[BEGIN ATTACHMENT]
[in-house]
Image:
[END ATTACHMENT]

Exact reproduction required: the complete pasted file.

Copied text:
[in-house]
Image: